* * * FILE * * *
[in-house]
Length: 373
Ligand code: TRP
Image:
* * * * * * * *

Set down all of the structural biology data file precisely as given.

[in-house]
Length: 373
Ligand code: TRP
Image: